A model buzzer
Practical Activity for 14-16
Electromagnets of all shapes and sizes can be found doing useful jobs in machinery such as buzzers, bells and relays.
Apparatus and Materials
For each student group
- Copper wire, PVC-covered, 150 cm with bare ends
- C-core, laminated iron
- Hacksaw blade
Health & Safety and Technical Notes
Although hacksaw blades are traditionally used for this activity, some schools may consider it necessary to use strips of hard steel without teeth.
The blades must be demagnetised before each lesson because they could display an assortment of magnetic poles along their lengths.
- Take one iron C-core. Wind twenty turns of PVC-covered copper wire round one arm and connect to the 1 V AC terminals of the low-voltage power supply.
- Clamp a strip of steel such as a hacksaw blade under a spare terminal of the low-voltage supply, taking care that it does not accidentally short-circuit other terminals.
- Put the C-core under the projecting blade, but not quite touching it. When the supply is switched on, you will feel distinct vibrations in the blade.
- Adjust the length of the blade to give the largest amplitude of vibration.
Photograph courtesy of Mike Vetterlein
- The length of the blade can be tuned to resonance and will give a noticeable amplitude. The length is critical and will depend on the blade.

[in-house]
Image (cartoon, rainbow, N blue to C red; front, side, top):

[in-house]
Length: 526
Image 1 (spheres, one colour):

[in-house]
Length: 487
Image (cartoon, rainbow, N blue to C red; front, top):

- The vibrating blade can be allowed to hit against a bell or tin can to provide a ringing tone, if the teacher can stand all the noise - which is twice the frequency of the supply.
- Rather than supporting the blade under a spare terminal of the power supply, you could use a wooden block to support it, as shown below.
- The principle of polarizing may be shown by using Magnadur (ceramic) magnets as shown. In this case, the blade is attracted continuously to the electromagnet. This gets stronger and weaker with the frequency of the mains supply. How does the pitch of the note change?
- A number of similar models could be constructed to illustrate a range of practical applications of electromagnets: for example, the buzzer, the bell, telephone earpieces, control solenoids. These might be given to the students as optional project work for them to see what they can achieve using equipment of this sort.
This experiment was safety-tested in July 2007